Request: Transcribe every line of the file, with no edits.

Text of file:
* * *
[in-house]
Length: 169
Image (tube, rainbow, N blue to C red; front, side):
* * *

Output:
[in-house]
Length: 169
Image (tube, rainbow, N blue to C red; front, side):